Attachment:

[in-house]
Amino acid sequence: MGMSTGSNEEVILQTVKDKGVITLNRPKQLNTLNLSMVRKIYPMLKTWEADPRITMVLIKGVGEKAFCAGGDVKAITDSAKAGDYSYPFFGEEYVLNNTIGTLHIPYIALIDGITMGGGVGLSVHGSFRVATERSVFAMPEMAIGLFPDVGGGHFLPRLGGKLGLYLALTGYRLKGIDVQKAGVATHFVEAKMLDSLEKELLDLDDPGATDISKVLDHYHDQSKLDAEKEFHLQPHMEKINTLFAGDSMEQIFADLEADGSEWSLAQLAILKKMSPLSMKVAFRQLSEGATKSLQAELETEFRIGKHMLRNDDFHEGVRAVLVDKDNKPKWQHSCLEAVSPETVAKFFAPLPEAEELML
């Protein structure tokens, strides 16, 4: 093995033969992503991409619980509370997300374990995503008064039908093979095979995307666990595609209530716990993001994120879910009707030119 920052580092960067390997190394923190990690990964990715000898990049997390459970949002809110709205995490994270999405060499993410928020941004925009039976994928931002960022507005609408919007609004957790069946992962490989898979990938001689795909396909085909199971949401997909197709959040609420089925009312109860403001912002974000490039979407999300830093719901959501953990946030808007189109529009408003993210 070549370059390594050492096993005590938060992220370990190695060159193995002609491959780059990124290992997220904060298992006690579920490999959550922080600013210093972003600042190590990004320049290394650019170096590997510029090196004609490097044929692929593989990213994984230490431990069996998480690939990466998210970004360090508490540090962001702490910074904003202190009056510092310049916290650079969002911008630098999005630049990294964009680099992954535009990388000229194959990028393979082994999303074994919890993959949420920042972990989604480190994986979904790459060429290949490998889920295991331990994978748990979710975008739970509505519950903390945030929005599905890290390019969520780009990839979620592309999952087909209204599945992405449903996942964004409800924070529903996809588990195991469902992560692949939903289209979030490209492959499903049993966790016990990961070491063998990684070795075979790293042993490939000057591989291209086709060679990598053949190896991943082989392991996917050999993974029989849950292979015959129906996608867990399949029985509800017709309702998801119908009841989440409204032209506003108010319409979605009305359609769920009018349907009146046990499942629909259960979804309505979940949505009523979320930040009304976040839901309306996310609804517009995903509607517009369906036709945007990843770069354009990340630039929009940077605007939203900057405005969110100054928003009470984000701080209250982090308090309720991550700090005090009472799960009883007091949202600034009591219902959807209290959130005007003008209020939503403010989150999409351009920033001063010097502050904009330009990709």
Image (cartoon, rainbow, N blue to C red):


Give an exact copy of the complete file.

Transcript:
[in-house]
Amino acid sequence: MGMSTGSNEEVILQTVKDKGVITLNRPKQLNTLNLSMVRKIYPMLKTWEADPRITMVLIKGVGEKAFCAGGDVKAITDSAKAGDYSYPFFGEEYVLNNTIGTLHIPYIALIDGITMGGGVGLSVHGSFRVATERSVFAMPEMAIGLFPDVGGGHFLPRLGGKLGLYLALTGYRLKGIDVQKAGVATHFVEAKMLDSLEKELLDLDDPGATDISKVLDHYHDQSKLDAEKEFHLQPHMEKINTLFAGDSMEQIFADLEADGSEWSLAQLAILKKMSPLSMKVAFRQLSEGATKSLQAELETEFRIGKHMLRNDDFHEGVRAVLVDKDNKPKWQHSCLEAVSPETVAKFFAPLPEAEELML
């Protein structure tokens, strides 16, 4: 093995033969992503991409619980509370997300374990995503008064039908093979095979995307666990595609209530716990993001994120879910009707030119 920052580092960067390997190394923190990690990964990715000898990049997390459970949002809110709205995490994270999405060499993410928020941004925009039976994928931002960022507005609408919007609004957790069946992962490989898979990938001689795909396909085909199971949401997909197709959040609420089925009312109860403001912002974000490039979407999300830093719901959501953990946030808007189109529009408003993210 070549370059390594050492096993005590938060992220370990190695060159193995002609491959780059990124290992997220904060298992006690579920490999959550922080600013210093972003600042190590990004320049290394650019170096590997510029090196004609490097044929692929593989990213994984230490431990069996998480690939990466998210970004360090508490540090962001702490910074904003202190009056510092310049916290650079969002911008630098999005630049990294964009680099992954535009990388000229194959990028393979082994999303074994919890993959949420920042972990989604480190994986979904790459060429290949490998889920295991331990994978748990979710975008739970509505519950903390945030929005599905890290390019969520780009990839979620592309999952087909209204599945992405449903996942964004409800924070529903996809588990195991469902992560692949939903289209979030490209492959499903049993966790016990990961070491063998990684070795075979790293042993490939000057591989291209086709060679990598053949190896991943082989392991996917050999993974029989849950292979015959129906996608867990399949029985509800017709309702998801119908009841989440409204032209506003108010319409979605009305359609769920009018349907009146046990499942629909259960979804309505979940949505009523979320930040009304976040839901309306996310609804517009995903509607517009369906036709945007990843770069354009990340630039929009940077605007939203900057405005969110100054928003009470984000701080209250982090308090309720991550700090005090009472799960009883007091949202600034009591219902959807209290959130005007003008209020939503403010989150999409351009920033001063010097502050904009330009990709």
Image (cartoon, rainbow, N blue to C red):